This finely executed drawing depicts White Mountain Apache Ga’an dancers, also known as “crown dancers”. The four Ga’an dancers representing the four directions were called upon for healing and rites of passage such as puberty ceremonies. The Ga’an dancers were painted either black or white and decorated with lightening designs and other motifs of special meaning. A fifth dancer is painted gray and serves as a messenger to the spirit world.
Haffenreffer Museum of Anthropology, Providence, RI, Cat. No. HMA 77-189 – For a painted robe by the Chiricahua Apache Chief Christian Naiche, showing Ga’an dancers performing at a puberty ceremony (Collected from the artist in 1911).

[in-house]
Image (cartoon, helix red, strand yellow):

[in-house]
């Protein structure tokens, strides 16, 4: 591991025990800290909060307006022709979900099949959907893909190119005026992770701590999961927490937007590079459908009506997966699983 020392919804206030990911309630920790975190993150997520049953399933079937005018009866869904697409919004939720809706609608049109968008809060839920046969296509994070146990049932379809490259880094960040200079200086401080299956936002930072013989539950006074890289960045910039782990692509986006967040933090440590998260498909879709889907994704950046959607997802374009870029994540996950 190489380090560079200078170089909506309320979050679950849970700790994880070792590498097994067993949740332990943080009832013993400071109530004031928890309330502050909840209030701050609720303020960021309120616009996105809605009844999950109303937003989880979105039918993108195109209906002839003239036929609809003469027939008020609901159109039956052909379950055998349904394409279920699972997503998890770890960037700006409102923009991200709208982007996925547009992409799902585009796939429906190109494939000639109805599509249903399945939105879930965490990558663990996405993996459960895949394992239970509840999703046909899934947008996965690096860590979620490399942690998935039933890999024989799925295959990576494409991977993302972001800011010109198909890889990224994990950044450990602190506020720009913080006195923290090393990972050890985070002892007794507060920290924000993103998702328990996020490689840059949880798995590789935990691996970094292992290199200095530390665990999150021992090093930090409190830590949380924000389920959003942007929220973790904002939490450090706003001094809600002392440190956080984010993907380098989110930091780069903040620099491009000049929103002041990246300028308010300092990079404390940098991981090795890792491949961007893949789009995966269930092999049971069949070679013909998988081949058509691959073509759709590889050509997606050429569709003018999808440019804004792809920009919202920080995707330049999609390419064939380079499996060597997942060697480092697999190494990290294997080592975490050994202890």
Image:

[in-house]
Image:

National Museum of American Indian, Washington DC, Cat. No. 2/1417 – For another painted robe by Chief Christian Naiche, showing Ga’an dancers performing at a puberty ceremony (Collected by Mark Raymond Harrington in 1909 during fieldwork sponsored by George Heye.)
Philbrook Art Center – for a work entitled “Apache Fire Dance” showing similarly attired Mountain Spirit (Ga’an) dancers by Al Momaday, Chiricahua, Apache – See: La Farge, Oliver. A Pictorial History of the American Indian. New York: Crown Publishers Inc., 1956
Arizona State Museum, Cat. No. ASM Neg. 56661) for a painting of a Ga’an dancer by Curry Clawson – See: Ferg, Alan (ed.) Western Apache Material Culture:The Godwin and Guenther Collections. Tucson: University of Arizona Press, 1987, pg. 124